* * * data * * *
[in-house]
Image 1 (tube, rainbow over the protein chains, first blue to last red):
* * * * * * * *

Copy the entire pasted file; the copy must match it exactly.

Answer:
[in-house]
Image 1 (tube, rainbow over the protein chains, first blue to last red):